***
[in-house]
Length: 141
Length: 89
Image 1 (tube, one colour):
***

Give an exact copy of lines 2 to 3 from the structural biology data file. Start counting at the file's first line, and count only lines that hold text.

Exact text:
Length: 141
Length: 89